Shaanxi Province, Henan, China, February 27, 2014
Photo by Sim Chi Yin/Vii

a large black and white photojournalist picture, part of CONTACT photography festival, pasted on a wall - an ill Chinese man is being comforted by his wife.  The picture is on a graffiti covered wall and a black car is parked close to it.

Gold miner, He Quangui, battling silicosis, struggles to breathe while cradled in the hands of his wife Mi Shixiu.  After many attempts to stabilize his breathing, in the early hours of the next morning her tried to kill himself to end the suffering.  He contracted the irreversible disease working in illegal gold mines in China’s Henan province.   He is among some six million workers in China who have pneumoconiosis – the country’s most prevalent occupational disease.”


Cizre Turkey, October 30, 2015.
Photo by Emilien Urbano/Myop for Le Monde
NOTE: I took this picture on Friday. Today (Monday) it was gone.

large black and white photo pasted onto a boarded up storefront of European Textiles on Spadina Rd. The photo is part of #Dysturb exhibit at Contact Photography Festival. It shows a hooded man holding an automatic rifle

A militiaman from the PKK Youth wing YDG-H in Cizre Turkey.  The Patriotic Revolutionary Youth Movement (YDG-H) – the militant youth wing of the outlawed Kurdistan Workers’ Party (PKK) – are battling to defend their neighbourhoods from Turkish security forces.  The YDG-H has been acting as a paramilitary force in Cizre for the past few months and has closed off several Kurdish neighbourhoods with their armed checkpoints and patrols.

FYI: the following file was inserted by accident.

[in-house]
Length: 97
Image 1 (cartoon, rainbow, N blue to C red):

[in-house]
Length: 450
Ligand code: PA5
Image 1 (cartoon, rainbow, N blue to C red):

Fort McKay, Alberta, Canada, August 12, 2015
Photo by Ian Willms/Boreal Collective

a large black and white photojournalist picture, part of CONTACT photography festival, pasted on a wall - a sick boy is lying on a bed, on a wall in the entranceway to a store, sidewalk and street scene in the background

Dez, 7, plays in his bed.  Dez was born with an underdeveloped heart and has received multiple open heart surgeries.  His family and healthcare professionals in Fort McKay believe that his condition was caused by environmental pollution.   Fort McKay is an indigenous community that is surrounded by oil  sands developments.”


Kunduz City, Afghanistan, November 18, 2015.
Photo by Andrew Quilty/Oculi

a large black and white photojournalist picture, part of CONTACT photography festival, pasted on a wall - a mother (covered in a black burka) and her daughter in grief, at a gravesite.  Pasted on an orange wall with an old brown leather sofa in front of it.

Najibah tries to comfort her daughter Zahara, 8, as they weep over the grave of their husband and father, Baynazar.   Baynazar, 43, was wounded by gunfire on his way home fromwork during the Taliban takeover of Kunduz in late 2015.  He was taken to the nearby Doctors Without Borders (MSF) trauma centre.  In the early hours of October 3, during his second operation, a US AC-130 aircraft attacked the hospital for more than half an hour, killing 43 MSF staff, patients and nurses.  Dozens more were wounded.

About #Dysturb

#CONTACT16